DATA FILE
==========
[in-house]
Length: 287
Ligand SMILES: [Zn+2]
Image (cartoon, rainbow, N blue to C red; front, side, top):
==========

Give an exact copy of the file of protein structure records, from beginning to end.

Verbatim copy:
[in-house]
Length: 287
Ligand SMILES: [Zn+2]
Image (cartoon, rainbow, N blue to C red; front, side, top):